Working on Figurative Language in Speech

Figurative language can be such a fun part of language arts instruction for all ages! When students read about and write with figurative language, it is playful and imaginative. Things like similes, idioms, and hyperbole do not use English words in a literal sense. This can make working with figurative language very difficult for students with language delays. However, there are many things that can be done as part of speech that can make figurative language make sense to students so they can have fun with it, just like their peers! 

What Is Figurative Language? 

Figurative language is a word or phrase that is not used in a literal way. With figurative language, we move from using words to clarify something to using words playfully to describe something in a unique way. 

There are several main types of figurative language: 

  • Simile, which uses the words “like” or “as” to compare two unlike things. An example of a simile is “I’m as cold as an icicle” when someone is very cold. 
  • Metaphors also compare two unlike things, but they use direct comparison and don’t include the words “like” or “as”. An example of a metaphor is “You’re a shining star” when someone does well in a performance. 
  • Personification gives human characteristics to non-human animals or objects. “The windows stared down at the boy” is an example of personification. 
  • Alliteration is the usage of one beginning consonant sound over and over. The famous tongue-twister “She sells seashells by the seashore” is an example of alliteration. It probably goes without saying that alliteration can be a very difficult- but also a great learning opportunity!- for students with articulation delays.
  • Onomatopoeia gives words to sounds. “Snap”, “pop”, and “boom” are all examples of onomatopoeia. 
  • Hyperbole is found frequently in children’s literature. It is a way to hilariously exaggerate situations to make a point. Statements like “I’m so hungry that I could eat a horse” are examples of hyperbole. However, hyperbole can very very difficult for students who take things very literally. 
  • Finally, idioms are figures of speech that do not mean what the words actually say. Idioms exist in every language and can be colloquial. Phrases like “I have a frog in my throat” or “She got cold feet” are examples of idioms. Again, students who take things literally might have a difficult time understanding idioms without explicit instruction.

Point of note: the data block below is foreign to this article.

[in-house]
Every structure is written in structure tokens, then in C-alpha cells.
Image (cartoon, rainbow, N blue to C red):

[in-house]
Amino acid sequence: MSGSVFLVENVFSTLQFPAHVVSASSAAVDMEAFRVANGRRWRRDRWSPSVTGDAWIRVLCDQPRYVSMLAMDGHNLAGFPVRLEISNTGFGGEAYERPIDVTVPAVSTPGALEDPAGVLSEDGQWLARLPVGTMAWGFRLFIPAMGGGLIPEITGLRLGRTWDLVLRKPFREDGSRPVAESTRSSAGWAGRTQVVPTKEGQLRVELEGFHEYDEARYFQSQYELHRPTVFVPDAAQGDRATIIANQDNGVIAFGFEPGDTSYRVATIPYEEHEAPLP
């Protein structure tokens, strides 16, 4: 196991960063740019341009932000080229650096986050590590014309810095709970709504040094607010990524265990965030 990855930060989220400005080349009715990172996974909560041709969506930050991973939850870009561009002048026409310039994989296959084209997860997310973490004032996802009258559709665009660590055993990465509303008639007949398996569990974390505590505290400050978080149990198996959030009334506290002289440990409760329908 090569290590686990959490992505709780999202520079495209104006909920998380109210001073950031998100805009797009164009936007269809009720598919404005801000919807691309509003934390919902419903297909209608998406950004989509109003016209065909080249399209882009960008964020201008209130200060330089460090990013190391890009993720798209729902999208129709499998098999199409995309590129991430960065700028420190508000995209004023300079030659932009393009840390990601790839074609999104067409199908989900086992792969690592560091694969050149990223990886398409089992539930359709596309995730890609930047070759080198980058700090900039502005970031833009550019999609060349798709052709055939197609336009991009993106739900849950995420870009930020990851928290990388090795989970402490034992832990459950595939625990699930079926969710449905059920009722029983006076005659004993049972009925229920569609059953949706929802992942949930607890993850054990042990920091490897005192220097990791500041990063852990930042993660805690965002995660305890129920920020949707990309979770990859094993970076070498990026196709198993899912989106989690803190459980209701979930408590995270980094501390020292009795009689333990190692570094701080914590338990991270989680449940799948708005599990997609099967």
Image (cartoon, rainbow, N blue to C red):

Why Teach Figurative Language? 

So other than having fun and the occasional poetry unit, is it important to teach figurative language? The answer is- absolutely! Students are exposed to figurative language more than we may realize through books, conversations with friends, and even media! Understanding figurative language is a big part of comprehending literature and comprehending what is going on in the world around them. 

The use of similes and metaphors can make complex comparisons easier to understand. Onomatopoeia, hyperbole, and personification can help a reader create a more vivid picture of a situation in their mind, which can lead to increased comprehension and better writing skills. 

Additionally, students must begin learning about figurative language in 4th grade. This vocabulary standard continues through the end of high school. Students will be faced with figurative language throughout their lives, and learning how to interact with figurative language will allow students to better express themselves, comprehend, and enjoy reading and conversation more.

Figurative Language Activities in Speech 

There are many fun ways to incorporate figurative language into Speech! These activities will not only help students better comprehend in the general education classroom, but they will also allow students to practice figurative language in real-world situations, which will help students with articulation, pragmatics, and vocabulary. Here are some of my favorite ways to practice figurative language! 

  • Analyze the figurative language in popular music (with school-appropriate lyrics, of course!). Students can listen to parts of songs while they follow along with the lyrics. This way, they can hear the emotion of the song, and make a more educated guess about what the lyrics are trying to convey. This activity can be written or discussed and can include components of receptive language, articulation, pragmatic, expressive language, or vocabulary goals. 

  • Idioms can be explicitly taught by matching pictures. For example the idiom “She got cold feet” would be matched with a picture of a girl looking nervous. This activity is great for vocabulary acquisition and pragmatic conversation goals. 

  • Tongue twisters, aka alliteration, can be used to teach fluency and articulation. Students can practice saying the words one at a time, and then practice putting the words together in progressively longer sentences. 

  • Taking turns describing objects with figurative language is a great way to get some expressive language, receptive language, and articulation practice in. Students can select an object to describe, and the SLP can give them a card that specifies what figurative language components to use to describe it. For example “Describe this room using 3 similies”. The other students can guess what the speaking student is describing. 

If you need more figurative language ideas for your speech classroom, then check out my monthly membership, packed full of low-prep activities older speech students love!